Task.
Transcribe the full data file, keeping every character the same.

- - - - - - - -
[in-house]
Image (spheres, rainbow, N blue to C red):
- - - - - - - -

[in-house]
Image (spheres, rainbow, N blue to C red):